Amid the turmoil of massive jobs cuts, Teva Pharmaceutical was able to put out a piece of good news on Friday. It's launching an exclusive generic to Gilead Sciences' hepatitis B and HIV antiviral Viread, a product the company says pulled in about $750 million over the last year.
Under a 2013 patent settlement with Gilead, Teva gets to launch an exclusive copycat to the branded med that won its initial U.S. approval in 2001. The settlement also covered patents on Gilead's HIV antivirals Truvada and Atripla, according to Gilead's most recent 10-K filing with the SEC, but generic launch dates for those meds remain under wraps.
Viread's annual sales were about $762 million up to October 2017, according to IMS data cited by Teva.
An exclusive generic launch couldn't come at a better time for Teva. The company has been battered as generic pricing conditions worsened in recent quarters, and this week it announced a staggering round of 14,000 layoffs. The goal under new CEO Kåre Schultz is to save $3 billion a year during dire times at the drugmaker.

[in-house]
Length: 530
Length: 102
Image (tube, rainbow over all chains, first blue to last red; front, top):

The company has been grappling with executive turnover, as well, most recently with the loss of its U.S. generics CEO Andy Boyer, according to a Thursday note from Wells Fargo analyst David Maris.
For Gilead, the Viread competition comes during a period of change. The drugmaker's hep C sales have crashed after tremendous initial success with Sovaldi and Harvoni, and the company is looking to cancer care as one potential path forward. Total antiviral sales at Gilead came in at $5.8 billion for the third quarter, compared with $6.8 billion during the same period last year.
For several quarters while the company's hep C sales were in their freefall, investors and analysts continually badgered Gilead leadership for M&A. Finally, Gilead in August picked up leading CAR-T player Kite Pharma for $12 billion in a significant push into cancer.
Kite's Yescarta has since won an FDA approval, following Novartis into a field that some experts believe could become a cornerstone of cancer treatment. In the short term, however, payer obstacles are taking a toll on the rollout, according to a report this week from Bloomberg. The news service reports that only 5 patients have received the one-time treatment that costs $373,000.